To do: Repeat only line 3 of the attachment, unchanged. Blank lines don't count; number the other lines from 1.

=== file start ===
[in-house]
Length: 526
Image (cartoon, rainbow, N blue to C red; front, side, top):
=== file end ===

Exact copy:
Image (cartoon, rainbow, N blue to C red; front, side, top):